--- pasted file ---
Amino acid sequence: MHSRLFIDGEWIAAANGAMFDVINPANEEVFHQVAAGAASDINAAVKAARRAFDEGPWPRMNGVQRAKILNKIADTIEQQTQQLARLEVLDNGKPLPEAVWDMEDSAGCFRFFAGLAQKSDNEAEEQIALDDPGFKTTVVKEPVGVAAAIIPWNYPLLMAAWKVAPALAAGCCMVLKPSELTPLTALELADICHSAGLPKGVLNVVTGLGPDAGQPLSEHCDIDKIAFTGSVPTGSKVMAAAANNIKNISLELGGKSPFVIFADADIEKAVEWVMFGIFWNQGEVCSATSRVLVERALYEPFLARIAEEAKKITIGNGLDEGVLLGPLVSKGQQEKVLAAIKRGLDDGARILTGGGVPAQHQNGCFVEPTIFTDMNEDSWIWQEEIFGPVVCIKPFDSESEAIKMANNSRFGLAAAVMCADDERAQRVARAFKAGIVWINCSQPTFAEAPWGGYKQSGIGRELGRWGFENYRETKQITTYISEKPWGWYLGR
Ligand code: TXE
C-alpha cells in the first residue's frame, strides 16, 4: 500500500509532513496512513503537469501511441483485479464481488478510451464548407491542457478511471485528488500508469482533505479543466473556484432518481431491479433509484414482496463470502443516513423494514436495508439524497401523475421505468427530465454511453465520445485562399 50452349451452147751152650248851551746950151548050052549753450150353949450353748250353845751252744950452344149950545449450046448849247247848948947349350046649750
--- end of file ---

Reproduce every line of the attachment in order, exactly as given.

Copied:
Amino acid sequence: MHSRLFIDGEWIAAANGAMFDVINPANEEVFHQVAAGAASDINAAVKAARRAFDEGPWPRMNGVQRAKILNKIADTIEQQTQQLARLEVLDNGKPLPEAVWDMEDSAGCFRFFAGLAQKSDNEAEEQIALDDPGFKTTVVKEPVGVAAAIIPWNYPLLMAAWKVAPALAAGCCMVLKPSELTPLTALELADICHSAGLPKGVLNVVTGLGPDAGQPLSEHCDIDKIAFTGSVPTGSKVMAAAANNIKNISLELGGKSPFVIFADADIEKAVEWVMFGIFWNQGEVCSATSRVLVERALYEPFLARIAEEAKKITIGNGLDEGVLLGPLVSKGQQEKVLAAIKRGLDDGARILTGGGVPAQHQNGCFVEPTIFTDMNEDSWIWQEEIFGPVVCIKPFDSESEAIKMANNSRFGLAAAVMCADDERAQRVARAFKAGIVWINCSQPTFAEAPWGGYKQSGIGRELGRWGFENYRETKQITTYISEKPWGWYLGR
Ligand code: TXE
C-alpha cells in the first residue's frame, strides 16, 4: 500500500509532513496512513503537469501511441483485479464481488478510451464548407491542457478511471485528488500508469482533505479543466473556484432518481431491479433509484414482496463470502443516513423494514436495508439524497401523475421505468427530465454511453465520445485562399 50452349451452147751152650248851551746950151548050052549753450150353949450353748250353845751252744950452344149950545449450046448849247247848948947349350046649750